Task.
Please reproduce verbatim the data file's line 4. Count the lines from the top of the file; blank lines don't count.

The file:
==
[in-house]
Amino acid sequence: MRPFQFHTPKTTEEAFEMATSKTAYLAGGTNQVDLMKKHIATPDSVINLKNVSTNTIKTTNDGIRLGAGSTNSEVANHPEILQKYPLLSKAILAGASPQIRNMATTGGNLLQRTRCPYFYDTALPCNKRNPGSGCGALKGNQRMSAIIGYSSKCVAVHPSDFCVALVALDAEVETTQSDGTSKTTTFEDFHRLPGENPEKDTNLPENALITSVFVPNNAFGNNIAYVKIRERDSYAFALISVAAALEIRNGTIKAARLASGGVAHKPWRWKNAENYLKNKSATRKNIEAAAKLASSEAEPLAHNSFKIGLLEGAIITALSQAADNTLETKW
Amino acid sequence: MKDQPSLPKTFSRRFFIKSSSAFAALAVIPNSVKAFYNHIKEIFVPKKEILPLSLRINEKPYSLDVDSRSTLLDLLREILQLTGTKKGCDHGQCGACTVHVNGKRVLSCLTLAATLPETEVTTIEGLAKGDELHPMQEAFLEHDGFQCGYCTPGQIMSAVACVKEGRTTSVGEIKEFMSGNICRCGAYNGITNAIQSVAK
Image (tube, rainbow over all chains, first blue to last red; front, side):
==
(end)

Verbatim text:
Image (tube, rainbow over all chains, first blue to last red; front, side):